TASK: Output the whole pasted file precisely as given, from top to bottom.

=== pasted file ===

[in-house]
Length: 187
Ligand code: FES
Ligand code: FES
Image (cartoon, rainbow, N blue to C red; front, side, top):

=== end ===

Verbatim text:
[in-house]
Length: 187
Ligand code: FES
Ligand code: FES
Image (cartoon, rainbow, N blue to C red; front, side, top):